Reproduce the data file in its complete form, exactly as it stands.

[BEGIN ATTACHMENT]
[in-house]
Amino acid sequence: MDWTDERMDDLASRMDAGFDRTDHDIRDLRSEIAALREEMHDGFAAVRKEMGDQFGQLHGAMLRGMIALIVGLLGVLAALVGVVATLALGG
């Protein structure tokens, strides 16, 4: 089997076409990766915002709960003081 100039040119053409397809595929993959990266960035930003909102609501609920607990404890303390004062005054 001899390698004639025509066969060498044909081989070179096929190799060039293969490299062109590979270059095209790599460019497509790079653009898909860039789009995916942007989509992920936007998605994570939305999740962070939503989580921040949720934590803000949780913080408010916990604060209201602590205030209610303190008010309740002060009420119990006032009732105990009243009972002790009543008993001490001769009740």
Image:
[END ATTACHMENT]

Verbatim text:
[in-house]
Amino acid sequence: MDWTDERMDDLASRMDAGFDRTDHDIRDLRSEIAALREEMHDGFAAVRKEMGDQFGQLHGAMLRGMIALIVGLLGVLAALVGVVATLALGG
């Protein structure tokens, strides 16, 4: 089997076409990766915002709960003081 100039040119053409397809595929993959990266960035930003909102609501609920607990404890303390004062005054 001899390698004639025509066969060498044909081989070179096929190799060039293969490299062109590979270059095209790599460019497509790079653009898909860039789009995916942007989509992920936007998605994570939305999740962070939503989580921040949720934590803000949780913080408010916990604060209201602590205030209610303190008010309740002060009420119990006032009732105990009243009972002790009543008993001490001769009740």
Image: